The Federal Communications Commission (FCC) has said SpaceX’s Starlink constellation does not require an environmental review, after concerns were raised about its impact on the night sky and atmosphere.
In May 2019, SpaceX began the launch and deployment of its Starlink constellation, a planned group of up to 42,000 orbiting satellites designed to transmit the Internet to Earth from space.
About 1,500 have been launched into orbit to date, about half 3000 active satellites operated by other organizations.
The goal is to provide global Internet coverage, with users able to access Starlink anywhere in the world using a dish to connect to the network, at a cost of $ 99 per month and a initial material fee of $ 499.
Yet considerable concerns have been raised about constellations like Starlink, particularly how satellites might change the appearance of the night sky and add large amounts of matter to the atmosphere.
Last month, the FCC responded to some of these concerns, saying they were unfounded. But a Starlink competitor, Viasat, now wants Starlink’s launches to halt until the matter is investigated in more detail.
The problems relate to the brightness of the satellites. After the launch of this first batch of 60 satellites two years ago, many were alarmed that the satellites appeared as bright strings of light in the night sky.
This has had an impact on astronomy before, with professional astronomers having their work hampered by satellites, which are most visible at dawn and dusk – popular times for certain types of astronomy.
In early 2020, it was suggested that this overnight modification, for both astronomy and the general public, could be in violation of US environmental law, in particular the National Environmental Policy Act (NEPA).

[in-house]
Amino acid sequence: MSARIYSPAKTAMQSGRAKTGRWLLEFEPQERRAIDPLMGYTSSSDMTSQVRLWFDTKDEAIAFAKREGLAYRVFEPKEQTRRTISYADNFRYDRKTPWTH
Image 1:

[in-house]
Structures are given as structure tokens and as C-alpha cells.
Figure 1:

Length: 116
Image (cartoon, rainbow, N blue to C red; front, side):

Currently, FCC shares are exempt from environmental review under NEPA, but last year Vanderbilt University law student Ramon Ryan argued that this should not be the case.
“The FCC has never done a study showing why commercial satellites deserved to be categorized as categorically excluded from review,” he said last year in an article for American scientist.
âAnd the evidence shows that these satellites have an environmental impact. If the FCC were prosecuted for NEPA non-compliance, it would likely lose. “
Last month, the FCC granted a modification SpaceX’s Starlink app, allowing them to lower the altitudes of about 3,000 upcoming satellites from over 1,100 kilometers to about 550 kilometers.
And in its documentation Authorizing the change, the FCC responded to some of NEPA’s concerns, which had been raised to the FCC by a competitor of Starlink, the US communications company Viasat.
His conclusion was that an environmental review was not necessary.
“Having examined the file and the allegations … we conclude that the issues raised do not justify the need for a [Environmental Assessment]Said the FCC.
The FCC said SpaceX has taken steps to darken its satellites – with varying levels of success – which would allay some of the concerns of astronomers and the public.
However, the FCC noted that it “would continue to monitor this situation and SpaceX’s efforts to meet its commitments in this matter.”
And he called on SpaceX to continue working with affected communities like astronomers.
âAlthough we do not find that the file before us deserves the preparation of a [Environmental Assessment] under NEPA, we conclude that it would nonetheless serve the public interest under the Communications Act for SpaceX to ensure that it does not unduly burden astronomy and other research efforts, â said the FCC.
Viasat, however, has since asked the FCC to halt all SpaceX Starlink launches until an environmental review is complete.
“We believe the FCC has failed to conduct a legally required environmental review under NEPA and has failed to deliver on the Biden-Harris administration’s commitment to a science-based approach,” said Viasat in a May 21 file. News.
Viasat said if the FCC did not review its recent clearance by June 1, also to investigate issues with a large number of satellites burning in the atmosphere, it would take its complaint to the United States Court of Appeals. United States for the District of Columbia circuit.
It is not known at this time what the outcome of this action will be or whether the FCC would be required to conduct an environmental review of Starlink and other mega constellations like Amazon’s Project Kuiper.
At this time, the FCC is adamant that there are no environmental concerns from Starlink. Now, it may soon be time for the courts to decide whether they agree.